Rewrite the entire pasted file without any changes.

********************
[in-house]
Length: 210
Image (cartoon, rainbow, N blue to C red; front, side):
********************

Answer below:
[in-house]
Length: 210
Image (cartoon, rainbow, N blue to C red; front, side):